Aug. 11 - Sept. 3, 2017
Set in a rain forest bar and brothel in the war-torn Congo, the establishment’s matriarch, Mama Nadi, keeps peace between customers from both sides of the civil war, as government soldiers and rebel forces alike choose from her inventory of women, many already “ruined” by rape and torture. Inspired by interviews she conducted in Africa with Congo refugees, this play is an engrossing and uncommonly human story with humor and song.
Winner of the 2009 Pulitzer Prize for Drama
“A powerhouse drama... Lynn Nottage’s beautiful, hideous and unpretentiously important play [is] a shattering, intimate journey into faraway news reports.” - Newsday
Sept. 15 - Oct. 15, 2017
Muhammad Ali forms a bond with Stepin Fetchit – the first Black Hollywood actor to become a millionaire, albeit, by embodying a demeaning stereotype. Ali wants to learn Black fighter Jack Johnson’s legendary “anchor punch” that he believes Fetchit, who was friends with Johnson, knows. Inspired by their actual friendship, the play explores how each dealt with the pressure of being a Black public figure trying to shape his identity in the face of outside forces.
This intriguing play, about the meeting between two men who achieved renown during different eras in the thorny history of race in America has more rounds of combat than an epic prize fight. – New York Times
Celeste Bedford Walker
Sept. 29 - Oct. 22, 2017
In the autumns of their lives, three longtime girlfriends find themselves living single. Jo is recently widowed; Mary’s husband has left her for a younger woman; and Wilhelmina has been busy pursuing her career. Using their social status and wealth, they ensnare younger male suitors and assume the role as “cougars” – or, in this case, “black panthers”. But the younger men have their own plans.
“Sassy Mamas is hot! Complexity of relationships and the chemistry is captivating!” - Express Milwaukee
Nov. 24 - Dec. 17, 2017
Reworked from last season’s successful run, this Holiday spectacle follows Granddad, as he ushers his granddaughter and two of her friends back through time on the magical ‘Soul Train’. Starting their journey during slavery, dancing and singing move the travelers through the Harlem Renaissance, the struggle-side and Black-love side of the Civil Rights era, and on through the hip-hop era of the 1980’s.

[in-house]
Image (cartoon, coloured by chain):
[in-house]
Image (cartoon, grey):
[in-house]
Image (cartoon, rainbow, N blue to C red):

Jan. 12 - Feb. 11, 2018
Nina is a smart and sexy hustler who has rejected everything her parents fought for in the Black liberation movement. When her estranged father, Kenyatta, wants to reconcile, negotiating her past and present becomes a revolutionary act. From one of the most exciting young voices in the American theatre, this dynamic play about fathers and daughters sears with wit and wisdom and the brutal politics of freedom.
"[A] smart and bracing new play about two generations of urban outlaws struggling to stay afloat in the lower depths." - New York Times
Feb. 23 - March 18, 2018
This dramatic musical captures prominent moments such as the Montgomery Bus Boycott and the crossing of the Edmund Pettus Bridge in Selma, AL. It is a mesmerizing and creative work of art, with jazz tunes and bass strings that will bring any audience to their feet. Originally written in 1976 to honor Dr. King’s bravery, many of the messages still resonate with activists today.
April 20 - May 13, 2018
Taking place in a gypsy cab station, during Pittsburgh’s period of so-called “urban renewal,” Becker, the owner of the unlicensed cab station, descends into an emotional spiral when his son, Booster, comes home from jail. Over the course of the play, the five gypsy cab drivers and the characters who come in and out of their lives pose questions about how to heal past wounds and leap into a less-than-certain future.
Winner! New York Drama Critics Award for Best New Play and the Outer Critics Circle Award for Outstanding Off Broadway Play.
"Explosive... Crackles with theatrical energy." - New York Daily News
Book by Robert Nemiroff and Charlotte Zaltzberg
Music by Judd Woldin
Lyrics by Robert Brittan
June 8 - July 1, 2018
Raisin is a musical adaptation of Lorraine Hansberry's revolutionary ‘A Raisin in the Sun’. Set in segregated 1950s Chicago, Walter Lee Younger and his mother Lena fight over the spending of insurance money. He wants to start a business with friends, while she is eager to move the family out of the south side and into Clybourne Park. Raisin depicts a black family’s struggle in the face of change.
Winner! Tony and Grammy Awards as Best Musical
"A tidal wave of soul!" – Ebony